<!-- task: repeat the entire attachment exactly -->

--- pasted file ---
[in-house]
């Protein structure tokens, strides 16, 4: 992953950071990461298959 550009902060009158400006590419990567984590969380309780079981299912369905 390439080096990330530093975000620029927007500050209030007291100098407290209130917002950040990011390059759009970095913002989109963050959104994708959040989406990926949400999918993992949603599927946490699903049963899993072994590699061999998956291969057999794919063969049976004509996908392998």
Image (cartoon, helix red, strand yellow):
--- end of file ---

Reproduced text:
[in-house]
């Protein structure tokens, strides 16, 4: 992953950071990461298959 550009902060009158400006590419990567984590969380309780079981299912369905 390439080096990330530093975000620029927007500050209030007291100098407290209130917002950040990011390059759009970095913002989109963050959104994708959040989406990926949400999918993992949603599927946490699903049963899993072994590699061999998956291969057999794919063969049976004509996908392998």
Image (cartoon, helix red, strand yellow):